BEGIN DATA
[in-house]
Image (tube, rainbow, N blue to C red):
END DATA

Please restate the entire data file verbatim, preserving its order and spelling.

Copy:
[in-house]
Image (tube, rainbow, N blue to C red):